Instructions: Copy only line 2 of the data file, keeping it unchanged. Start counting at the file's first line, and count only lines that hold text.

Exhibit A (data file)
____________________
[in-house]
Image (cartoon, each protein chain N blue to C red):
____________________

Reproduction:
Image (cartoon, each protein chain N blue to C red):